5 Ways a Client Can Sabotage SEO | White.net

5 Ways a Client Can Sabotage SEO

By Rachel McCombie / January 5, 2012

Running an SEO project smoothly and effectively requires juggling many skills:  creativity, proactivity, effective time management and organisation, to name just a few.

But I would argue that one of the most important attributes of a successful SEO campaign is communication of knowledge – within an agency, of course, but also (perhaps less obviously) with clients. Many clients have little or no knowledge of SEO, and why should they? That’s what we’re here for, after all. But it’s unfortunately a fact of life as an SEO that algorithm updates and other external factors are not the only risk posed to a successful SEO project. Without at least a minimal level of SEO education, actions taken by a client can actually be detrimental to the SEO efforts of their agency or consultant.

One of my SEO New Year’s Resolutions (more Resolutions from SEOptimise in a forthcoming blog post by Matthew Taylor) is to help clients to help us by ensuring they have enough knowledge to understand our work, its aims and methodologies, and what they can do to ensure that we’re able to get them the best results possible. So I thought I’d kick off the New Year by taking a look at the top ways in which an SEO project can be sabotaged by a client. This is not me ranting about my lovely clients by the way – it’s more a retrospective look at some of the bottlenecks I’ve encountered in otherwise smooth SEO projects over the last year or so.

1. Changing the website without telling us
Whether it’s launching a new section, rolling back to an old version of the site, rewriting copy or even a full blown redesign, it’s really important to get the SEO perspective before any changes are made, to ensure that a) new material is optimised from the word go and b) prior SEO efforts are not damaged or lost. There’s nothing worse than finding that your client’s rankings have plummeted because the site has been reverted to an old, unoptimised version without your knowledge.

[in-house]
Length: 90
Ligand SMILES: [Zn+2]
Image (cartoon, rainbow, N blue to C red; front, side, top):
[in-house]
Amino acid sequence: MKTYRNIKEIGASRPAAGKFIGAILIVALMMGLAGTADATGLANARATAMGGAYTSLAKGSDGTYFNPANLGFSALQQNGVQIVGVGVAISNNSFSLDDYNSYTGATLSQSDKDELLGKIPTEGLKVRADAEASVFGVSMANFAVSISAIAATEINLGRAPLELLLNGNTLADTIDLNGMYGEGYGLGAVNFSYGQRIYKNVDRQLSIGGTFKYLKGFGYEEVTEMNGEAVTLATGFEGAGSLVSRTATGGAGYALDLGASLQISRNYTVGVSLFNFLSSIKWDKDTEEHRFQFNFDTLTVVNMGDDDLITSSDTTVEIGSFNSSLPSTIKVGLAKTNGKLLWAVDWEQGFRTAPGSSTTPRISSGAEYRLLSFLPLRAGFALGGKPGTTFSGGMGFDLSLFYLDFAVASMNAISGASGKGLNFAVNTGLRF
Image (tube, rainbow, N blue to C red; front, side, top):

The solution:  emphasise to your client the importance of liaising on potential website changes before they happen, and in plenty of time. If there’s a redesign in the offing, ensure you’re involved from the outset to ensure that the new site is structured in an SEO-friendly way. It’s much easier to make changes in the planning stages than it is to change things once it’s live.

2. CMS that doesn’t allow crucial SEO changes
Not the client’s fault, but a CMS system that doesn’t allow the implementation of such vital elements as title tags is clearly a major spanner in the works. The worst thing is not being prepared for it – you get your title tags written and signed off, then get granted CMS access only to find that you can’t actually implement them because the title tag is taken automatically from the H1 field and can’t be edited separately!

The solution:  ascertain before the start of the project whether the CMS has the appropriate functionality. Ask the client to get their web developer to implement it if necessary, so that you have no nasty surprises awaiting you down the line.

3.  A cripplingly slow sign-off process